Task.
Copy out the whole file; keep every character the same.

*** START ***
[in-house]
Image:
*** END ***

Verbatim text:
[in-house]
Image: